Warren Martin, Executive
Director K.O.G.R.F. — Kansas Strong

In April, oil traded at historic lows nearly $40 below zero. Many assumed gasoline prices would follow and plunge to modern all-time lows. Several reports predicted gas would fall below $1 per gallon. However, it never came to be. Gasoline prices fell, but the price resiliency clearly shows crude oil is not the only driving force behind gas prices.

Gasoline’s base cost is not zero. Historically, gasoline prices have correlated with crude oil prices. When the price of crude goes up, gas goes up (and vice-versa). However, the correlation became much more divergent following the mass exodus of major oil companies selling off gas filling stations in the 1980’s. Three major factors contributed to this divergence in price correlation: taxes, competition and marketing/distribution costs.

The gas tax began in the 1920s. Most tax assessments in the United States operate on a percentage basis. When the consumable product goes up or down in price, the tax on the product adjusts accordingly on a percentage basis. This is not true with gasoline. It is tax per gallon regardless of price.

By 1933 a federal tax of 1 cent per gallon and Kansas state tax of 3 cents per gallon was in place. This slowly escalated into the 1980s when the federal tax jumped from 4 cents per gallon to 9 cents (state taxes jumped to 11 cents per gallon). It jumped again in in 1990, and again in 1993 to current levels. Today it stands with federal taxes at 18.4 cents per gallon and Kansas state taxes at 24.03 cents per gallon regardless of what the price of gasoline happens to be.

In other words, in Kansas, taxes account for 42.43 cents per gallon at the pump. With current gasoline prices at $1.64 per gallon, taxes account for 26% of the cost of gasoline.

The 1980s jump in tax rate and drop in crude oil prices lowered the profit margins on gasoline to the point many major oil companies decided to sell off their holdings in filling stations across the nation.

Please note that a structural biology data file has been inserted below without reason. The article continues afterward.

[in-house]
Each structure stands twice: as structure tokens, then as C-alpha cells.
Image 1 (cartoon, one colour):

These stations were bought up by smaller independent companies leading to two consequences. It increased competition between competing stations. Thus, it increased the amount of money stations utilized to market their product. It also increased the cost of distribution.

This cost has consistently increased since the 1980s. Marketing and distribution of gasoline in 2008 accounted for 12% of the cost for gas. As of April 2020, marketing and distribution accounted for 46% of the cost per gallon. With gasoline prices at $1.64 cents per gallon, marketing and distribution account for 75 cents.

Refining costs add 3 cents per gallon or 2.4% at $1.64 per gallon. In total, taxes, refining, and marketing/distribution account for over 74% of the current cost. Crude oil only accounts for 25% at $1.65 per gallon.

Taxes, refining and marketing/distribution establish a more realistic baseline for gasoline right at $1.20 per gallon. Anything above that is dependent on the price of crude oil.

This constitutes a dramatic change in perception of gasoline prices. In the early 2000s when the average price of gasoline was $2.94, 61% of the cost was dependent on crude oil prices. Today, it accounts for 25% at $1.64 per gallon. As gasoline prices fall, Kansas local oil and gas producers are ones who take the cut.

As crude oil prices increase, gasoline prices will also rise. However, no matter what the price of gasoline, about $1.20 is not paying for the crude oil required to produce that gallon of gas. It is going to taxes, refining and marketing/distribution of that gallon of gas.

Sources:

Kansas Strong

100 S. Main, Suite 120,
Wichita, Kansas 67202

Kansas Strong
100 S. Main
Suite 120
Wichita, Kansas 67202
P: 316-771-7167

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